Eventually it was time to have a family and my priorities shifted. Nicole (my wife), John, and I decided it was time to sell the store, and eventually I sold the website as well. But my love for games has never dwindled, especially now that my daughters are becoming old enough to begin to discover the wonder of games. It also turned out to be difficult for me to stop sharing my love of gaming with others, which is one of the reasons that The D6 Generation was born.
Today I enjoy the challenge of balancing my family life, job, and gaming. The D6 Generation allows me to share how I go about that balancing act with others, but more importantly, it keeps me in touch with one of my favorite lessons of childhood: Gaming brings people together from around the world.
Thanks for listening & happy gaming,
[Note: Raef was a founding host of the D6 Generation but has since moved on from the show. He still contributes via The Hollywood Minute segment and occasional guest spots in the third chair.]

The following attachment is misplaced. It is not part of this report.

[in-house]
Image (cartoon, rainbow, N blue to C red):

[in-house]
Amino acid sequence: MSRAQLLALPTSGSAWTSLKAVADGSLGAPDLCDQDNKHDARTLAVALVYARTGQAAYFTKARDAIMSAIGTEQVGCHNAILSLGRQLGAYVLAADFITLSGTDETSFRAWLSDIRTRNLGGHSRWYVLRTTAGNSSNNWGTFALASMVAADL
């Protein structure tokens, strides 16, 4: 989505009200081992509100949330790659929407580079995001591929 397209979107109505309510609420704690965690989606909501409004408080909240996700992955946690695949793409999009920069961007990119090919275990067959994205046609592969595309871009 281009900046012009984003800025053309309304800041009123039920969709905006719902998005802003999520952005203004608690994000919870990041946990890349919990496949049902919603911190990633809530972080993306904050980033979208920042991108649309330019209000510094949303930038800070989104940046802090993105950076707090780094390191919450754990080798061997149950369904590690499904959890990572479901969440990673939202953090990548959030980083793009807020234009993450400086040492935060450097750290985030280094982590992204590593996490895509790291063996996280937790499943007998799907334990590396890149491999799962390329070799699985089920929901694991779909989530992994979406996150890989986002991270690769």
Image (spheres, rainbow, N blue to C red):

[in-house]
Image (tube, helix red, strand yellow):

I was instantly hooked into miniature wargaming when, as a 12 year old boy, my family took my brother and meto Gettysburg, PA. While there we were in a store, and I saw a 3D terraintable with Confederate and Union Soldiers displayed on the board. I thought it was yet another diorama, but nooooo the shopkeep assured me it was in fact, wait for it, a miniature game. I was instantly hooked, although did not play my first miniature game until I met Craig and Russ and the gang in 1995ish. The game was 40k. Of course, having grown up on RPG's and Computer games goes without saying all the way back the Nintendo systems and D&D. And of course comics became a love of mine at the same time as D&D. Having collected all of the original Todd McFarlane comics, just 'cause I was a kid reading comics, is a proud achievement of mine.